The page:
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Army Corps, Metropolitan Washington Council of Governments to start study on ways to protect vulnerable assets from coastal flooding

Baltimore District signed an agreement July 18 with the Metropolitan Washington Council of Governments to begin an approximately $3-million, three-year study on possible ways to address coastal flooding and storm damage across more than 57 square miles in the District of Columbia and surrounding areas of suburban Maryland and northern Virginia. As part of this study, the team will investigate flood risk and identify ways to help protect vulnerable assets upon which the region relies, like local governments, businesses, institutions and water, energy and communication utilities; transportation hubs; federal buildings and military installations; national security facilities; and significant national monuments and cultural treasures. [Read More]
Published: Jul-18-17

New online maps show storm-based flood potential along Potomac, Anacostia rivers

New digital maps allow government leaders, emergency managers, and the public to view potential flood impacts during high-water events along the Potomac and Anacostia rivers throughout the District of Columbia, Northern Virginia and nearby communities. The maps are now live on the National Weather Service’s web site. [Read More]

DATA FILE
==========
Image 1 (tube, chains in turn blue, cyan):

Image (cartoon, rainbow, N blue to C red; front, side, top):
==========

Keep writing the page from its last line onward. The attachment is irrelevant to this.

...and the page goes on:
Published: Nov-21-16

Kick Off of Dyke Marsh Restoration Project, Largest Remaining Freshwater Wetlands in the Washington Metropolitan Area

The Baltimore District and the National Park Service will begin small-scale geotechnical drilling at Dyke Marsh Wildlife Preserve, the week of Oct. 19. This investigation is in preparation for a proposed interagency project to restore up to 100 acres of freshwater tidal marsh within the 485-acre Dyke Marsh. A 2009 study of Dyke Marsh by the NPS and the U.S. Geological Survey found that this unique ecosystem would be entirely lost by 2035 without restoration efforts. Dyke Marsh is home to more than 300 species of plants and 270 species of birds - including the only known breeding population of marsh wrens in the region. [Read More]
Published: Oct-19-15